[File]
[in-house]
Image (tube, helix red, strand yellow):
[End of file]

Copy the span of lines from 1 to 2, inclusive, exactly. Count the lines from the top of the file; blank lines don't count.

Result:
[in-house]
Image (tube, helix red, strand yellow):